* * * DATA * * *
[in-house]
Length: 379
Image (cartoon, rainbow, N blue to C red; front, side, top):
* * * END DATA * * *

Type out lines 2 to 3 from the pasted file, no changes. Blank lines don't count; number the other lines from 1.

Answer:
Length: 379
Image (cartoon, rainbow, N blue to C red; front, side, top):